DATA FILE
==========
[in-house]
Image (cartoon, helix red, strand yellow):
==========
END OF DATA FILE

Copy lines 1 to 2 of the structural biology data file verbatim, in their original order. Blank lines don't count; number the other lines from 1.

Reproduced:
[in-house]
Image (cartoon, helix red, strand yellow):